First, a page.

We have seen many examples of lazy loading components in Angular using route based loading. In this blog, we would be looking at a use case that involves data sources like a CMS, which provides data where we don’t know what components to load and in what order. To address this issue, we would be loading components dynamically based on the API response at the run time. Instead of loading all the components in the initial load, we only load components based on the data we receive from the API. This way, we lower the size of the initial bundle, fetched when the web site is loaded, which in turn reduces Time to Interaction. This leads to faster page load, and we also save users bandwidth, which in certain parts of the world means saving them money.
In this blog post, we will be following these steps to set up lazy loading of components:
- Setting up routing to use a master component.
- Adding reusable components and corresponding modules for these components.
- Creating a service that will help us in loading components lazily.
- Configuring the master component to use this service to render components.
1. Setting Up Routing To Use A Master Component
The application is architected in such a way that all the routes are directed to a common Master component. We will start by creating a master component which would act as a container for all the components that would be loaded and rendered dynamically. Right now, we will just create the component so that it can be referenced in the routes.
ng generate component components/master
We will further configure the Master component in Step 3. An error component can also be added similarly for redirecting to error pages. It can be as simple as this:
This would be the part of the initial bundle which is loaded when we open the web site. The routing is set up as below in the app-routing.module.ts:
We have added following routes which all load the same master component:
- :root - parent level route
- :root/:page - child-level route
- :root/:page/:subpage - nested child route
The data we are expecting from API contains all the data for components that are to be rendered on the current page. A different URL will have a different set of components and related data for that page. The data in JSON format looks like this:
The API consists of a components array. This array contains objects which have two main properties:
- type: a string specifying what component to render. This property is the reference property that would be used by angular to load the appropriate component.
- data: an object having data specific to the type of the component.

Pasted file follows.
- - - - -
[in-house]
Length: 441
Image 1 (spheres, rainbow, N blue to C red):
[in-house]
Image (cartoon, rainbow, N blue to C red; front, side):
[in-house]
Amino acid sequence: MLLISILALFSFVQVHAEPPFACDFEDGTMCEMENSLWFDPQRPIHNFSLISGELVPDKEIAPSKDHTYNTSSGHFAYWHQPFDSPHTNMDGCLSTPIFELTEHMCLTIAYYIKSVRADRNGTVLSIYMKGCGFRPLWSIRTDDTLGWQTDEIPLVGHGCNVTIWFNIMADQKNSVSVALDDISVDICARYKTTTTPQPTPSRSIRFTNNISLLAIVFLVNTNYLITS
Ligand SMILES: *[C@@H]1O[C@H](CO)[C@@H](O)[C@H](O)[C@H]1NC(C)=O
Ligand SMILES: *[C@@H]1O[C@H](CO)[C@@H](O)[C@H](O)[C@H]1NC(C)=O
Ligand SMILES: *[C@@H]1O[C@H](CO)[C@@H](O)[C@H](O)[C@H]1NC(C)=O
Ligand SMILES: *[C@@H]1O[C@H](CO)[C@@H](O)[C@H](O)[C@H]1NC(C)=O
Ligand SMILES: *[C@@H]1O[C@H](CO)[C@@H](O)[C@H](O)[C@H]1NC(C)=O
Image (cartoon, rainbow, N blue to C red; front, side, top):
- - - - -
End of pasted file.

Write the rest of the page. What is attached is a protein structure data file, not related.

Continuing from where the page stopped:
2. Adding Reusable Components And Corresponding Modules For These Components
We can add as many reusable components we want whose loading and rendering will be controlled based on the data we receive from the API. We also add a module that bundles the relevant components inside it. This is done as Angular only supports lazily loading modules and not the component itself. In the module, a static property: rootComponent is declared to hold the reference of the component to be rendered. This is done because it is the only way our service would be able to access and determine what kind of component to create. Here's a paragraph component has created as an example:
Components that have child components need not have a new module created for them as the data is passed on from the parent component. They are just needed to be declared in the declarations array of the parent module. For example, if a component gallery has a child component gallery-image, the declaration would like:
3. Creating A Service Which Will Help Us In Loading Components Lazily
We will create a service that will load the component code lazily as per the data received from the API.
The code is explained below:
- We define a lazymap which has the type of the component and the corresponding loadChildren function for loading the module. The component name is the key to the map and must match component type coming from the API.
- The loadAndRenderComponents method of the service takes in the data coming from the API and a container reference of the master component, which we clear before rendering components in it.
- Looping through the components array from API, we load the module factory to create the module reference moduleRef based on the type of component. We have used await here as the loadChildren function returns a promise which needs to be resolved before we move on to the next component.
- An intermediate condition (checking moduleOrFactory) whether the compilation is AOT or JIT, is evaluated to load moduleFactory.
- This moduleRef is used to get the component factory for creating the component.
- Once the component is created, the data object of the component received from the API is passed to the component’s data property for rendering it. We cast the component reference instance to an instance of Dynamic class, which has a parameter called data, to which we pass on the data. It is assumed that all the dynamic components will have at least one Input member called data.
Also, add the lazy-loaded component module path to the lazyModules array in angular.json
4. Configuring The Master Component To Use This Service To Render Components
The master component has the container in which all the dynamic components are rendered. The master component fetches the data from the API. This data is sent to the lazy service which fetches the required component code and renders the component.
With everything set up, we can check the bundles loading in the Dev tools under the networks tab (Use JS filter to view more clearly). While visiting a new page, if a new component is encountered, the corresponding module containing the component is loaded at runtime.
Feel free to download the source code from: https://github.com/sagarrchauhan/angular-lazy-loading-components
Or check out the code on Stackblitz: https://stackblitz.com/edit/github-dggene